By Red Power Media Staff, August 24, 2016
Amnesty USA to monitor law enforcement response to pipeline protests
As a federal court said Wednesday, that they would rule on the injunction to suspend construction of the Dakota Access Pipeline on Sept. 9th, Amnesty International USA (AIUSA) has sent a delegation of human rights observers to monitor the law enforcement response to protests by Indigenous communities in North Dakota.
Thousands of people have gathered in recent weeks at the construction site of the Dakota Access Pipeline at the border of North and South Dakota, close to the Standing Rock Sioux Reservation.
The international human rights organization has been concerned about reports that the state of North Dakota took away water resources provided to a camp protesting construction of the pipeline under the Missouri River.
State law enforcement has removed state-owned water tanks that have served as the main supply of drinking water for the encampment, citing public safety concerns.
“We are concerned about the health and safety of protesters,” said Tarah Demant, a spokeswoman for the delegation.
AIUSA sent a letter today to the North Dakota Highway Patrol and the Morton County Sheriff Department notifying them of the delegation and outlining how authorities are required to act in accordance with international human rights standards and the U.S. Constitution during the policing of protests.
“It is the legitimate right of people to peacefully express their opinion,” the letter reads. “Public assemblies should not be considered as the ‘enemy.’ The command hierarchy must convey a clear message to law enforcement officials that their task is to facilitate and not to restrict a peaceful public assembly.“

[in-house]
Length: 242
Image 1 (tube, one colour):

Amnesty International has history of monitoring protests and police conduct to ensure adherence to international standards for human rights. In the United States, AIUSA has deployed delegations of observers to Ferguson, MO, and Baltimore, MD, to monitor protests in the wake of police killings, as well as to Cleveland and Philadelphia to monitor the protests outside the Republican and Democratic National Conventions earlier this year.
AIUSA’s letters to authorities in North Dakota make clear:
- The decision to disperse an assembly should be a last resort and should be communicated clearly and with ample time for people to comply. If a small minority tries to turn a peaceful assembly into a violent one, police should protect the peaceful protestors and not use isolated violence as a pretext to impede the rights of the majority of protestors.
- Police should not use force against protestors simply for assembling; the decision to disperse an assembly should only be taken when there are no other means available to protect public order from an imminent risk of violence; and the type of equipment used to disperse an assembly must be carefully considered and used only when necessary, proportional and lawful.
- Police should not selectively enforce laws against the media, legal observers, or protest organizers.
- Arrest and detention should be carried out in accordance with the law and should not be used as a means to prevent peaceful protest or to intimidate or punish people for participating in a public assembly.
- If people are arrested, police should not use restraints in an excessive manner; people who are arrested should have access to food and water, restrooms, medical attention, and legal counsel.
Meanwhile, North Dakota Highway Patrol Lt. Tom Iverson and Donnell Preskey, a spokeswoman for the Morton County Sheriff’s department, said they were not aware of any communications local enforcement has had with Amnesty International. The group’s arrival will not change anything about how the patrol approaches the protest, Iverson said.
“Our message remains the same,” he said. “We need to keep everybody safe and promote safety for everybody involved — protesters, workers, law enforcement and the motoring public,” he said.